Anyway, here's the R101 on its final flight. The music is called 'Final Flight', by Ian Hubball, aka Marbury. If anyone knows where the track can be downloaded, please let me know because I love it!

Sunday, 5 June 2011

Short and Sweet

The last week's seen me writing a couple of short stories. This is interesting, because I've struggled with producing short fiction in the last couple of years.

The main thing has been the novels. As in the factor that's changed my working method, not just the projects that've taken up most of my time. I still love the short form for the intensity it offers, the focus, not to mention that it's a lot easier to take chances in a story- if you try something experimental in a short piece and it doesn't work, it's a waste of far less time, energy and work than if you do it in a novel. Much of what's best in horror is in the short form; one of the key things that pulled me back into working in the field was Nick Royle's anthology Darklands, a collation of short stories that showed the range and variety horror- good horror- could actually compass. The other, funnily enough, was Shaun Hutson, but we won't go into that...

When I started writing properly- i.e. producing work on a regular basis and sending it out- I wrote short fiction, at a rate of one story a week. Not writing every day, but mulling over the various story ideas I had and picking which one seemed ripe, then sitting down at a computer and writing it in a single sitting. Two or three if it was a long story.

Now of course you can't write a novel that way, not unless you're Philip K. Dick and off your dingers on benzedrine (not for me, thanks- as Chef once said, there's a time and place for everything, and it's called college.) That's a whole different ballgame, one that's about dailiness (to use Julia Cameron's phrase) and putting in a regular, sustainable measure of work each day. Difficult to mesh that with short-story writing, because by the time I write a novel, enough notes and a rough outline have been written that the writing can start straight away. Short stories were more intuitive, inspired, a place where I could still work on inspiration and fly blind. And I'd never written outlines for shorter work.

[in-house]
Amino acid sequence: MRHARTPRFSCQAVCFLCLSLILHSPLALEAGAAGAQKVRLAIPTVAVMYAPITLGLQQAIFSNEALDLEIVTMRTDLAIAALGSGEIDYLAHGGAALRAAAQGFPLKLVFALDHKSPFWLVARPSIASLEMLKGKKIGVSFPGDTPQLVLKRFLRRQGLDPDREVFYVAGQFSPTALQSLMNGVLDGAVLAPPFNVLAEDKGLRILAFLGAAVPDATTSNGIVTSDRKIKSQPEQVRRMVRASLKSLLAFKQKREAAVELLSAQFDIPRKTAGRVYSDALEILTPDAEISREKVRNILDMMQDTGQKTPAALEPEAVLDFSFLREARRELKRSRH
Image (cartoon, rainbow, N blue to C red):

In the past couple of years, I've written a handful of short stories, usually for specific markets. It was difficult each time, and I was having to deal with the idea that maybe the short story part of me was running down.

But I have a deadline here- as well as The Faceless, I have to write a couple of stories involving some of the novel's characters, plus another for an anthology. And so...

I've started outlining. Just an A4 page of scribbled notes, mostly bullet-points, and then to work. And boy, has it made a difference.

One new story called The Sight was started on the 1st of June, and finished the next day. The same day I wrote the start of a new story, The Children Of Moloch, which is now just over half-finished. The outline is not your enemy if you're a writer; it's one of your best friends. You can even start writing without it and rough one out as you get a grip on what you're doing. But it reminds you roughly what you have to do, and it takes off the pressure to hold all then details in your head. Or to try and get everything done in one go.

I'll have to get back to the novel in the next week or so- there is a lot to do if I'm to to get The Faceless delivered for its September deadline- but it's just a very, very good feeling to be writing short fiction again, and to know the machine's not broken.

One last thing: music always serves as a good accompaniment to writing, but I couldn't find anything on my laptop that suited Children Of Moloch. And then I dug out a CD that I'd bought a couple of years ago and completely forgotten about: Two Suns by Bat For Lashes. It's a rich and beautiful album that I heartily recommend to you, good reader. Plus the music fits Children like a glove.

This track, particularly, seems to click with the story, so what better tune to play us out with? Till next time...

Wednesday, 1 June 2011

Interview at Read Horror with Jonathan Oliver

That nice Mr Jonathan Oliver, Commissioning Editor of Abaddon and Solaris Books, is being interviewed here at Read Horror, where he says much that is true and worthy, not to mention nice. Tide of Souls gets a mention, as does The Faceless. So do please check it out.